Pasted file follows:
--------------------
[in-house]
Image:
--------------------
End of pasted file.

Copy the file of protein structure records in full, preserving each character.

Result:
[in-house]
Image: